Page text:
President-elect Donald Trump baselessly claimed that he “won the popular vote if you deduct the millions of people who voted illegally.” Even the author of the study upon which the claim is based doesn’t buy that.
Donald Trump falsely claimed that “John Podesta, Hillary Clinton’s campaign chairman, was quoted in WikiLeaks as saying, illegal immigrants could vote as long as they have their driver’s license.” Podesta said no such thing.
Donald Trump is citing unsubstantiated urban myths and a contested academic study to paint a false narrative about rampant voter fraud in the U.S. and the likelihood of a “rigged” election.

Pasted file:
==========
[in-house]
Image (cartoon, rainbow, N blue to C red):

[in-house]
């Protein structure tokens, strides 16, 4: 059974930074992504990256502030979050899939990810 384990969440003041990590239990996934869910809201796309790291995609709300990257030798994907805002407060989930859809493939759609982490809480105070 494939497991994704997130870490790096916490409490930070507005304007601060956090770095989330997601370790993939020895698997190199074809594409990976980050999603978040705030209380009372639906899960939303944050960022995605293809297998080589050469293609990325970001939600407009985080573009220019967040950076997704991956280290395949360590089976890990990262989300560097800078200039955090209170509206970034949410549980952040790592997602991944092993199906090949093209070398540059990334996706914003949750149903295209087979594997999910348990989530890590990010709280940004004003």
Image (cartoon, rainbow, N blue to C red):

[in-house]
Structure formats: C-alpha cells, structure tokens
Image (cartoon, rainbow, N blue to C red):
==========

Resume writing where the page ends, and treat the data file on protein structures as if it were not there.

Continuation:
Donald Trump said he’s worried about a “rigged” general election, citing “precincts where there were practically nobody voting for the Republican” in 2012. Voting experts said such outcomes in certain urban districts were entirely plausible given the demographics.
Q: Is it true that there were more votes than voters in Wood County, Ohio, and St. Lucie County, Fla., and that Obama lost every state with photo ID laws?
A: No. A viral email that makes those claims is bogus. It fabricates Ohio and Florida results. Also, Obama won four of the 11 states with photo ID laws.